In our Reformation Day Gospel reading, we hear Jesus having a dialogue with a crowd of people, many of whom are not sure whether to believe him. Part of the crowd engaging in that dialogue are the established religious leaders—a group whom Jesus has clashed with many times before. When we hear this text read on Reformation Day it’s very easy for us to start thinking about Luther’s struggle with the religious leaders of his day. Yes, Luther did speak forcefully against the leadership of his church. But we must be careful to remember that Luther was a reformer and not a freedom fighter.
Luther’s struggle was only against those particular leaders of his day, not the concept of church leadership itself. Luther was fine with the church being led by a pope, as long as that pope did not obscure the Gospel. Luther did not pine for a freedom to do his own thing. He pined for the Gospel. And yet, to hear the story of the Reformation told by many today, freedom from authority is what it was all about. They see this as the main Reformation breakthrough.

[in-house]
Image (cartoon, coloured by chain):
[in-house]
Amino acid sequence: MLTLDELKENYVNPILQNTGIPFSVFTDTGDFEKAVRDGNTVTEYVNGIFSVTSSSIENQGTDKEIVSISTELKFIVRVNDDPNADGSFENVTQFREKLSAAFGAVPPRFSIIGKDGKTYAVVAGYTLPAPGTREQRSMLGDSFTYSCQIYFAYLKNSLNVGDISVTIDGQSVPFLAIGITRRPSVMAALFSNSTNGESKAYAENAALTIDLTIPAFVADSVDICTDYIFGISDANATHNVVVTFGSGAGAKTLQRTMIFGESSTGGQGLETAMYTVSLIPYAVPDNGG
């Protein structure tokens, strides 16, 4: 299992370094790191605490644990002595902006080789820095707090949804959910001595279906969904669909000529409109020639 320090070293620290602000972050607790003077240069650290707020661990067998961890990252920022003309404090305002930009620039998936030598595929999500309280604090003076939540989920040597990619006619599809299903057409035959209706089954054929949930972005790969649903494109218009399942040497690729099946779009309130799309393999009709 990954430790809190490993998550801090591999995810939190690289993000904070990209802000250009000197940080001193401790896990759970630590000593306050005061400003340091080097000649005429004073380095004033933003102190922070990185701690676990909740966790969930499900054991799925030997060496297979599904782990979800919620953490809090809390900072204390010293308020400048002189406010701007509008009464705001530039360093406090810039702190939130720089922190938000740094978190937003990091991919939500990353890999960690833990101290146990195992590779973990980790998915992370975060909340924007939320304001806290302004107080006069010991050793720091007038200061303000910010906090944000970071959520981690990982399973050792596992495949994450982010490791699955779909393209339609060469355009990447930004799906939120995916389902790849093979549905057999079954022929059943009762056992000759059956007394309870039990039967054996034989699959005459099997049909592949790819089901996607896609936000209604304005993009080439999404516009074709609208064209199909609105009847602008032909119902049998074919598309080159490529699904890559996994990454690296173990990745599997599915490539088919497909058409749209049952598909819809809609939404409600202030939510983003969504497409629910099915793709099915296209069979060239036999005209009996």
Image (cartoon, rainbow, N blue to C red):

Recently I read an article about the Reformation published by a well-known major media outlet. The article kept referring to Martin Luther’s emphasis on “personal faith.” We all know that Luther’s great theological breakthrough was finding freedom through faith alone, apart from works of the Law, as described so clearly and wonderfully for us by St. Paul in today’s reading from Romans 3. But the news article made it sound like Luther’s breakthrough was the ability to believe for one’s self—a personal faith—free from any strictures by the church or other authority.
Along those lines, we know that for many people the defining moment of the Reformation was when Luther said before the Imperial Diet “Here I stand.” But this episode in the life of Luther should be seen as more a story of personal courage than a model or slogan of our faith. The more defining moments of the Reformation are the calls to debate, like our anniversary today, as well as the times when the people of the church, through their confessional documents, say together: “here we stand.”
The faith of Martin Luther and the Reformers was indeed freedom-fed. But it was not a freedom from the church. Rather, it was a freedom from sin. Luther struggled mightily with his sin until he finally realized that God, through His Son, Jesus Christ, had set him free.
The Church of Luther’s day had hidden the Scripture’s message of freedom by saying that an individual must make restitution for their sin through acts of penance and through time spent in purgatory. Luther was disillusioned by the fact that he couldn’t overcome his own sin. He was also troubled by a church which was collecting large sums of indulgence money as a way for people to make restitution.